Racial defined his life and leadership in “ Ultimo Adios,” his final poem safely tucked inside the alcohol burner that he gave to his sister Trinidad, the day before his execution. In the poem, he remembered the distant past, his childhood, his friends, his family, and everything that motivated his actions and finally brought him to this destiny. He recalled the incident that led him to dedicate his life and work to his country, and to his early dreams of a happy and free Philippines.
His thoughts were drawn to his countrymen who were fighting a losing battle, a revolution he had emended. They, too, were willingly sacrificing their lives for their country and these sacrifice for the country would not be in vain. From his country and people he wanted no monument but only a simple remembrance, a prayer for his repose. Once more Racial recalled how he worked to arouse among his people the desire to improve themselves, how he stirred them into action to unite and to plan among themselves so that they could effectively work for reforms.
He thought of the idea and principles he had written which he was now bequeathing to his people. Faith, he remembered, inspired and impelled him to take on the self-imposed mission of working for his country’s redemption, faith in his fellowmen, faith in his country, faith that someday freedom, progress, and prosperity would be theirs to enjoy. He was bequeathing this sense of faith to his people. He wanted them to have faith in themselves, faith in their country, faith in their future.
He wanted this message relayed from generation to generation: Land that I love – farewell O Land the sun loves! Pearl in the sea of the orient: Eden lost to your brood! Gaily go I to present you this hapless hopeless life; were it more brilliant, had it more freshness, more bloom still for you would I give it – would give it for your good. In barricades embattled, fighting with delirium, other donate you their lives without doubts, without gloom, The site doesn’t matter: cypress, laurel or lily; gibbet or open field, combat or cruel martyrdom, are equal if demanded by country and home.
I am to die when I see the heavens go vivid, announcing the day at last behind the dead night. If you need color, color to stain that dawn with, et spill my blood, scatter it in good hour, and drench in its gold one beam of the newborn light. My dreams when a lad, when scarcely adolescent; my dreams when a young man, now with vigor inflamed; were to behold you one day – Jewel of eastern waters! – greenflies the dusky eyes; lofty the upright brow: unclouded, unfrocked, unblemished, and unashamed!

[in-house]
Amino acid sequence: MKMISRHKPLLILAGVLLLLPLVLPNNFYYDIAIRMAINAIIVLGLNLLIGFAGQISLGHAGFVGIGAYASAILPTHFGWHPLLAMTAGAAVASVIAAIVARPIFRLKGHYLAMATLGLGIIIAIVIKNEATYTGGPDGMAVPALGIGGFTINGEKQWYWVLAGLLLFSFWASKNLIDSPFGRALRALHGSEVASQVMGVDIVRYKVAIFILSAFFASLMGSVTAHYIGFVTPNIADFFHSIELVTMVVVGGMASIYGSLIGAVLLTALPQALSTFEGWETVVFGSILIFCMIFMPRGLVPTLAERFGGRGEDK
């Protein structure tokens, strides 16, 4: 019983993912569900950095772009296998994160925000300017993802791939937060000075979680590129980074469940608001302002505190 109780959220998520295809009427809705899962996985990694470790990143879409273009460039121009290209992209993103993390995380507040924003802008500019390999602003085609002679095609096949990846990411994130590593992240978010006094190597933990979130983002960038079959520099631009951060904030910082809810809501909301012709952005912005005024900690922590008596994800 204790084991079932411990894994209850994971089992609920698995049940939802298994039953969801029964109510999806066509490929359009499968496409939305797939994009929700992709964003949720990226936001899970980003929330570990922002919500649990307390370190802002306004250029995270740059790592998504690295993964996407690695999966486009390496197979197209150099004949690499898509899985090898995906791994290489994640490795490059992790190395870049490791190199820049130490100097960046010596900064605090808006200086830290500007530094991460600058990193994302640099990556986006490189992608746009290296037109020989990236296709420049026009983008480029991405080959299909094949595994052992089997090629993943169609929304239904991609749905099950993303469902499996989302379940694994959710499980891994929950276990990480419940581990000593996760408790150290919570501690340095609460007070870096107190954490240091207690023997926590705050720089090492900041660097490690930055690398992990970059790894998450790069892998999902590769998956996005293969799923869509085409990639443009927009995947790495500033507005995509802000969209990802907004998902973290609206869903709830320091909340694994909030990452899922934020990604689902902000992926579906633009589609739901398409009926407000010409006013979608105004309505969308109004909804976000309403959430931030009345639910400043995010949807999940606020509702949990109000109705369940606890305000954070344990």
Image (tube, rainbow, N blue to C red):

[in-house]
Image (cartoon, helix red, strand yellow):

Enchantment of my life, my ardent avid obsession: how lovely; to fall that you may rise! To perish that you may live! To die beneath your skies! And upon your enchanted ground the eternities to sleep! Should you find someday, somewhere on my gravestone, fluttering among tall grasses, a flower of simple frame caress it with your lips and you kiss my soul, I shall feel on my face across the cold tombstone, of your tenderness: the breadth – of your breath: the flame.
Suffer the moon to keep watch, tranquil and suave, over me; suffer the dawn its flying lights to release; suffer the wind to lament in numerous and grave manner and should a bird drift down and alight on my cross, suffer the bird to intone its canticle of peace. Suffer the rains to dissolve in the fiery sunlight, ND purified rescinding heavenward bear my cause: suffer a friend to grieve I perished so soon: and on fine evenings, when someone prays in my memory, pray also: O my land: that God I repose.
Pray for all those who have fallen befriended by no fate: for all who braved the bearing of torments all bearing past: for our pitiful mothers, piteously breathing forth bitterness: for orphans and widows: for those in tortured captivity and yourself – pray to behold your redemption at last. And when in dark night shrouded the graveyard lies and only, only the dead keep vigil the night through: pep holy the peace: keep holy the mystery. Strains, perhaps, you will hear-of zither, or of Psalter: it is l: O, land I love: it is I who sing to you!
And when my grave stands wholly unremembered and unallocated (no cross upon it, no stone there plain): let the site be wrecked by the plow and cracked by the spade: and let my ashes, before they vanish to nothing, as dust be formed a part of your carpet again. Nothing then will it matter to place me in oblivion- across your air, your space, your valleys shall pass my wrath, A pure chord, strong and resonant, shall I be in your ears: arrogance, light, and color-whisper, lyric and sigh: constantly repeating the essence of my faith.
Land that I idealize: prime sorrow among my sorrows beloved Filipinos: hear me the parting word. I bequeath you everything – my family, my affections: I go where flourish no slaves, no butchers, no oppressors: where faith doesn’t kill: where God’s the sovereign Lord. Farewell, my parent’s, my brothers – fragments of my soul: friends of old and playmates in childhood’s Farewell sweet foreigner, my crony, my delight! Creatures I love-farewell! To die is to repose.